Sudan's Macroeconomic Statistics
Despite being the 17th fastest-growing economy worldwide, and having invested in its infrastructure and implemented its economic policies, the country of Sudan still faces many economic challenges. For the last thirteen years, Sudan has busily been implementing the IMF-recommended macroeconomic reforms.
Sudan began exporting oil in 1999, and it had its first trade surplus in that year's final quarter. The current oil output is a little over half a million barrels per day, and increased production has revived the industrial sector. Expanded processing of exports have helped sustain the growth of the GDP, and have helped stabilize the exchange rate along with fiscal policy improvements.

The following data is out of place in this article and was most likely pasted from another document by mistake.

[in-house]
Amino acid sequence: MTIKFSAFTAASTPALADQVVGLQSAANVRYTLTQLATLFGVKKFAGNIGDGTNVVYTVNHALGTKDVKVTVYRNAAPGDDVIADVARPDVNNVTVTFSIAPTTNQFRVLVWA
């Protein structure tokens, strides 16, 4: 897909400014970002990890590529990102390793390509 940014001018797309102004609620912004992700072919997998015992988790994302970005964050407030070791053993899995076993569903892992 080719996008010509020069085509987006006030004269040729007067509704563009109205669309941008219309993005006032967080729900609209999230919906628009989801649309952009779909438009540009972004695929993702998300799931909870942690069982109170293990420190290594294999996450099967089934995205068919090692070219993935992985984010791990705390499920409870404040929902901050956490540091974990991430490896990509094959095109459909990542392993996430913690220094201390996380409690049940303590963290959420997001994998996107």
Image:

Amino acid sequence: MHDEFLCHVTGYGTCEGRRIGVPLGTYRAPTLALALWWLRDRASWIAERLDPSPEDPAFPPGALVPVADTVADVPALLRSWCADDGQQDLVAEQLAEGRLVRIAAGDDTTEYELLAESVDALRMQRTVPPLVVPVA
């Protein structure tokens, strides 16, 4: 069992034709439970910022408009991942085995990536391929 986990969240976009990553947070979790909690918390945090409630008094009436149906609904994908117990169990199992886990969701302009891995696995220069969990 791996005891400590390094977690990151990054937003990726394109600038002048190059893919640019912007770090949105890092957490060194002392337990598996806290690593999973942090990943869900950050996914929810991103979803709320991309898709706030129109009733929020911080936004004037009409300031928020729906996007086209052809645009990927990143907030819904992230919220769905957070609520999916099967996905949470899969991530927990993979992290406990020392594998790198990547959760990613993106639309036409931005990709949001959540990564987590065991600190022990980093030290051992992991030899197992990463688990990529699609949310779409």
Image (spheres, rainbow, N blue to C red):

Oil is Sudan's chief export, and production is increasing rapidly. The Sudanese economy is expanding; it grew by almost 9% in 2007. The growth continued due to increased oil production and higher power production. Other mineral resources are available for processing in Sudan: natural gas, gold, asbestos, mica, zinc, lead, uranium, copper, and aluminum.
Agriculture is by far the Sudanese economy's most vital sector, employing the vast majority of the work force and contributing 39% of the gross domestic product. However, farms remain dependent on scant rainfall, and other factors are keeping most of the population below the poverty line.
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